Ta k i n g a l l t h i s i n t o c o n s i d e r at i o n , it comes to no s u r p r i s e t h at i n Japan perfection h a s t r a d i t i o n a l ly been considered as s o m e w h at e x c l u s i v e .

SISTER-MAG.COM

44

A R C H I T E C T U R E

PROMO


There is the delightful tradition of gluing broken teapots with gold so that the cracks remain visible and the piece attains a unique identity. As far as we can generalise here, this differs greatly from the “Western” understanding in which cracks are something inherently faulty and should be made invisible through reparation or else the object would have lost most of its worth. Instead, the cracks are highlighted and symbolise something crucial: the individuality of an object and its unique history, which are the determinants of its perfection. In Japan, looking for the »BEAUTY OF IMPERFECTION« is seen as an act of generosity and perfection in some contexts can come with a distinctly negative meaning – certainly a surprise for the European observer. But for which contexts is this the case, and for which is it not?

Several questions arise: When thinking of “perfect”, is it synonymous w i t h “ b e a u t i f u l” ? I s flawless the same as perfect? And, going one step further, one might ask whether the “perfect” can even exist?

Perhaps the easiest context that allows for a legitimate use of the word would be the culinary, since the consumption and enjoyment of food is so strongly connected to personal taste that it has to be entirely subjective. Only, can something be considered as “perfect” already if it is perfect in the eyes of just one person? Or do several, or all, have to agree on that it is indeed perfect, given its absolute nature? Are there differences in the understanding of perfect regarding different purposes?

45

SISTERMAG 47 | 04 / 2019


PROMO

T R A D I T I O N

In Europe (as well as in other parts of the world) there is the popular assertion that “nobody is perfect”, which can be applied to pretty much any context and is supposed to relieve some of the stress surrounding perfectionist behaviour and the pressure resulting from comparison. Similarly, there is what Nietzsche described as »DER REIZ DER UNVOLLKOMMENHEIT« , the charm of the imperfect. It becomes evident that there is no general answer, since everything related to the human body itself is being examined by use of a different scale.

SISTER-MAG.COM

It seems as if here, the concept of “perfection” is very much alive and different from the generosity applied to evaluating the appearance and identity of objects: What concerns them directly, from makeup to exterior and looks to personal improvement and even to indicators regarding work performance, people seem to be much stricter with themselves than they are with objects around them. Regarding one’s looks, perfect in the eyes of many equals flawless. And while the ideas about beauty standards may vary, the desire of achieving perfection in the framework of these standards is rather similar in all parts of the world. It has also proven to be timeless. Of course: Beauty standards may have been changing over time. But it seems unlikely that the global pursuit for perfection in complexion will vanish anytime soon.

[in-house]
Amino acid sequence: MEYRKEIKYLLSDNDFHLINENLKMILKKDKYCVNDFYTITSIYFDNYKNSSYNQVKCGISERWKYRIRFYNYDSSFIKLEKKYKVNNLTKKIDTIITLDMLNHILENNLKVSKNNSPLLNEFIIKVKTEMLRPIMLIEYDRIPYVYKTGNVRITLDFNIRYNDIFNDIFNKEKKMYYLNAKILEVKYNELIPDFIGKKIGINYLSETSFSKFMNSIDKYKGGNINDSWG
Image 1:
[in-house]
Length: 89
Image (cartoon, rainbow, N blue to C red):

46


While reminding ourselves that perfect skin is neither a matter of skin colour nor of age, and that beauty ideals are just that: ideals, not targets that determine if we are worthy or not – they can still offer a great deal of inspiration. When it comes to our skin, we damn well better follow the

rules our grandmothers have been repeating like mantras: Prevention is better than damage control.

T r e at i n g y o u r s k i n i s t r e at i n g y o u r s e l f. B a l a n c e i s k e y. T r u s t y o u r skin. And, most i m p o r ta n t ly : Are there real downsides to smiling more often?

47

SISTERMAG 47 | 04 / 2019


PROMO

EXPERIENCES WITH

J-Beauty

My name is Jasmin, I’m a travel and lifestyle blogger and write for my blog my-berlin-fashion.com , that’s been existing since 2010. Thanks to my trip around the world, I discovered my love for Japan and address this destination in all of my subject areas.

SISTER-MAG.COM

48


“Skincare is the keyword here”

H OW D I D YO U E X P E R I E N C E T H E L A N D S C A P E A N D T H E P E O P L E ?

Japan is incredibly diverse. On the one hand, you experience absolute modernity, or maybe even the future, in cities like Tokyo or Osaka, and on the other hand, you can go to the temples that are only a few steps away and witness culture and tradition that’s been in Japanese history for centuries and still lasts and is appreciated. Japanese people are unbelievably friendly and helpful which is one of the reasons why, in my opinion, Japan is the most beautiful country in the world. W H AT I S E S P E C I A L LY E XC I T I N G A B O UT JA PA N E S E C U LTU R E ?

The profundity. Since I teach myself Japanese and already

speak, write and read the language, I became more aware of some things. The Japanese language is full of beauty. Take, for example, the word »HANABI« (花火) which means »fireworks«. The word consists of the characters for flower and fire and, thus, is translated »fire flower«. It’s just one of the many examples. But next to the language, it’s the attitude towards life and the understanding of gratitude in Japanese culture that I like so much. H O W D I D Y O U P E R C E I V E J A P A N E S E B E A U T Y R I T U A L S A N D J - B E A U T Y ?

In general, Japanese people put a lot of emphasis on purity and cleanliness. The word for »beautiful«, »kirei«, actually means »clean«. During their beauty routine, Japanese people also pay a lot of attention to purity and care. Unlike in America, for example, it’s a very clean look in Japan. Skincare is the keyword here.